NATO Secretary General Jens Stoltenberg hyped the "China threat" in his press conference on Tuesday, a day before the NATO foreign ministers' meeting. He said China's "coercive policies on the global stage… pose a systemic challenge" to NATO's security and democracies. He said NATO's next Strategic Concept will "for the first time… take into account China's growing influence." He also said the bloc will seek to enhance cooperation with "Asia-Pacific partners."
Stoltenberg's remarks revealed the US' strategic intent. After putting forward the Indo-Pacific Strategy, the US began to feel its incapableness, particularly that the strength of its allies in the Western-Pacific region is not enough to support its ambitions. It needs more hands or, in other words, hatchet men. For this reason, the US hopes to drag the entire NATO into its Indo-Pacific layout.
The abovementioned developments of NATO indicate that the US does not deflect its attention to China despite the Ukraine conflict. Rather, as Washington has successfully mobilized its allies and Ukraine to engage in a desperate fight with Russia and wooed allies and partners to besiege the Russian economy in longer terms, it is likely that Washington would like to focus its attention on China.
Constantly creating enemies by labeling other countries as dangerous, NATO tries to strengthen unity to better coordinate with the US military strategy. However, Wei Dongxu, a Beijing-based military expert, believes not all NATO members will blindly follow the US. Washington tries to make its rival the common adversary of NATO, but turning against China militarily is clearly against the interests of some NATO members, which have close relations with China.
"NATO is already deeply divided. Making enemies outside will create only a fleeting illusion of unity and is unlikely to bridge the divisions among its members. For example, the AUKUS deal between the US, the UK and Australia made some European countries distrust US military strategies and strategic propositions," Wei said.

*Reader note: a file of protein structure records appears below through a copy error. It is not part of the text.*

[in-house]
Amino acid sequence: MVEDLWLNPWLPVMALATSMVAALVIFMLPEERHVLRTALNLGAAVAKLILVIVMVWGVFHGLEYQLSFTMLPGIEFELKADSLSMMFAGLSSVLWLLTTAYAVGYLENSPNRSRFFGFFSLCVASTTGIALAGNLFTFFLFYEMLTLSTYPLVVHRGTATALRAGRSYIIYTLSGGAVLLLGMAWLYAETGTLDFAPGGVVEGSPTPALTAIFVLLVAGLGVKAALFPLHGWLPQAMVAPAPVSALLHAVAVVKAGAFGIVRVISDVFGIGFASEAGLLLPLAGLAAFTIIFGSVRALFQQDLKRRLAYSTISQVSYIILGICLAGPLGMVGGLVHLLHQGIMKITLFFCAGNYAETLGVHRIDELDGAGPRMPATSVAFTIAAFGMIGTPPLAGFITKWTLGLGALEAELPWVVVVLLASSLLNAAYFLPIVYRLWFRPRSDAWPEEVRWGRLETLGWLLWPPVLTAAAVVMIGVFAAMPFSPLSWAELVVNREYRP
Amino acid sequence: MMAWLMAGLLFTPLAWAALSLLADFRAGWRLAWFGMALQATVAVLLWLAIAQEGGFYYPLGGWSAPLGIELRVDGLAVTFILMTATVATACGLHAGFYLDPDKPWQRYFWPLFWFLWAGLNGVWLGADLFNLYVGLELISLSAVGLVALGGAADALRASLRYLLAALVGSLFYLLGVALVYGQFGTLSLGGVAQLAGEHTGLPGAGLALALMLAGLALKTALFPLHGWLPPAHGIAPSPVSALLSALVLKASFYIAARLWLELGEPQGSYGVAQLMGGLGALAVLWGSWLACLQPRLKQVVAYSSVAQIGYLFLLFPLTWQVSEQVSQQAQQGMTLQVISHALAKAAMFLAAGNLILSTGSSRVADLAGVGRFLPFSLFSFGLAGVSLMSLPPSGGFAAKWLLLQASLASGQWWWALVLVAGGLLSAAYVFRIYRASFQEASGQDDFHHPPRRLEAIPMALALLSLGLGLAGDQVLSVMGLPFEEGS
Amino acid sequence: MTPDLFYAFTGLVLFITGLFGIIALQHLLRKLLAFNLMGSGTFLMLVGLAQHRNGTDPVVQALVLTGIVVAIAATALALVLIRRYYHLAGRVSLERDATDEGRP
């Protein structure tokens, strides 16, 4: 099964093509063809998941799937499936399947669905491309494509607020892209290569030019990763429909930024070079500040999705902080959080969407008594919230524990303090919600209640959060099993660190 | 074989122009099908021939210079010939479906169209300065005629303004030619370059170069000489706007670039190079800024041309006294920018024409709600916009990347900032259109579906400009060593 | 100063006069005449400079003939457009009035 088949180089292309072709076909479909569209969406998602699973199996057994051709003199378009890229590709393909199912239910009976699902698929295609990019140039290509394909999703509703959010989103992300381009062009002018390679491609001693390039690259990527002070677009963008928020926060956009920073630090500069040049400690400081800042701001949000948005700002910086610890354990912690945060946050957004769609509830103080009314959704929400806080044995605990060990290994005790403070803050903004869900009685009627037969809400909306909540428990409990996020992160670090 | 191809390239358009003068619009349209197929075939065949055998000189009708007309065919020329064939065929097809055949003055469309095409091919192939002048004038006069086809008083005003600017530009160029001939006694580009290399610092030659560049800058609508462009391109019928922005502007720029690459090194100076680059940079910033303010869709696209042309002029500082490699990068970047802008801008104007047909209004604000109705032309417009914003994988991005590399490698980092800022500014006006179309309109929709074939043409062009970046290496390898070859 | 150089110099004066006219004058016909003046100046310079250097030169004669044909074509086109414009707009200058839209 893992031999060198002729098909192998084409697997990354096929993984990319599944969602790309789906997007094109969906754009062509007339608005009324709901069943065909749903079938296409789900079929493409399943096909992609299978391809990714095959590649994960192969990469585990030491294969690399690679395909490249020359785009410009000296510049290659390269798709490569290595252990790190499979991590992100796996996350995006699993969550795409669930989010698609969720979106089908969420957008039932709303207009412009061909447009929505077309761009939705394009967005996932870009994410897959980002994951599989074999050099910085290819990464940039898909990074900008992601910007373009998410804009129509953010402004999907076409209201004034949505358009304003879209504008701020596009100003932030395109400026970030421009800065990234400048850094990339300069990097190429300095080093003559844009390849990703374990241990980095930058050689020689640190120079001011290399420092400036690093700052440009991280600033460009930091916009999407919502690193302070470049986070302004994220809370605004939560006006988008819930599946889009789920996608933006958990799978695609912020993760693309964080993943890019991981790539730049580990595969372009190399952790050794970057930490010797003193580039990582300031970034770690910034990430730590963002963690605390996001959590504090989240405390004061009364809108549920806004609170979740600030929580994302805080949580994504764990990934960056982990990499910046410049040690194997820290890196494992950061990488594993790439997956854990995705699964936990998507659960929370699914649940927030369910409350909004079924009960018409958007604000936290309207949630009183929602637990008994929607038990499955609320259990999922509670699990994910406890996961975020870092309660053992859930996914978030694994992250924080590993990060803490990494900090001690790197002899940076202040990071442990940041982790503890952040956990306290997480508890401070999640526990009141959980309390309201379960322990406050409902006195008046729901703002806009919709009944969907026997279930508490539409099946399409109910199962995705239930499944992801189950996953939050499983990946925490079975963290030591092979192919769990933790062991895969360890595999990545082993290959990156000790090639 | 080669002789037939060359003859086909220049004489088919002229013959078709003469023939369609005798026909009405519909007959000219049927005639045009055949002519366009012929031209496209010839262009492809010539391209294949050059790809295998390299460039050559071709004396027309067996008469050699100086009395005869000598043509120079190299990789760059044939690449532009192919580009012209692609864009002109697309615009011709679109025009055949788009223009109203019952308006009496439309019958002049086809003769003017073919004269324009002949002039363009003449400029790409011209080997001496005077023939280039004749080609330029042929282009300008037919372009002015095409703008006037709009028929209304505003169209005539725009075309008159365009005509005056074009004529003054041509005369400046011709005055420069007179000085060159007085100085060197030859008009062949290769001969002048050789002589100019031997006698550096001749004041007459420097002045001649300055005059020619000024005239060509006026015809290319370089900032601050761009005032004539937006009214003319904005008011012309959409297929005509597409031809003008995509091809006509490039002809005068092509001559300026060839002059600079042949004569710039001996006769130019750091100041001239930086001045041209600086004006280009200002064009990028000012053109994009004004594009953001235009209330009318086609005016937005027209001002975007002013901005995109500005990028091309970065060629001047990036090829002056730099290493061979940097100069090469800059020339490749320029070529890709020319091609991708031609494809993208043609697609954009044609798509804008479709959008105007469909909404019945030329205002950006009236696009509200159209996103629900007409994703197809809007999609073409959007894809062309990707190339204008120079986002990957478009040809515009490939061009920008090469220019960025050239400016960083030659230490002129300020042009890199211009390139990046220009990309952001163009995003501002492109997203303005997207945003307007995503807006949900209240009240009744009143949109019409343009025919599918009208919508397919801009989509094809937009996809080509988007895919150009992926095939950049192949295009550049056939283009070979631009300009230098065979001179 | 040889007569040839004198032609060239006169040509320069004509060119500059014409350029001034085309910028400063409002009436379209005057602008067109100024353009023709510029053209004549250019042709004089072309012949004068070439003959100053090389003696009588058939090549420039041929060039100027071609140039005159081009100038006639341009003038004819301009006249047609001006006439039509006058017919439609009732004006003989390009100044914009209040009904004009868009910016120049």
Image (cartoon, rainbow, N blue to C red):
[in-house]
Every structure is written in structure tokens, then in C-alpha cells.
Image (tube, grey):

Through US moves to set up "small circles" in recent years, more countries perceive NATO as a tool of the US. The military provocations by the US and its allies in the Indo-Pacific region are highly repugnant to most countries. If the US and its allies have more aggressive intentions there, it may intensify some existing regional hot spots and bring more instability and uncertainty - and more countries are likely to raise objections.
China, according to Wei, should strengthen its cooperation with neighboring countries on one hand, while increasing its own national defense and military capabilities on the other. China must have the ability, confidence and determination to respond to any external provocation or interference, especially those aimed at infringing on China's core interests. Continuously increasing pressure on China has become the US' basic China policy. China must be prepared to bear the pressure and create more tools to break US pressure.
"The US has repeatedly set up strategic traps for China. But China will stick to its own pace rather than dance to Washington's tune," Wei noted. China will take corresponding precautions and countermeasures according to the degree of harm caused by military actions by the US and NATO in the Indo-Pacific region.
In the early 1990s, the US promised that NATO would move not one inch to the east. However, as the initiator to the Ukraine crisis, US-led NATO has expanded eastward five times since 1999. Those expansions are seen as one trigger of the ongoing conflicts between Russia and Ukraine.
As a matter of fact, the US and NATO have repeatedly infringed so-called rules-based international order. Wei thought that China should strive more to make friends with Southeast Asian countries through some regional cooperation mechanism and make them more aware of the dangers of the US and its allies' military presence in the region.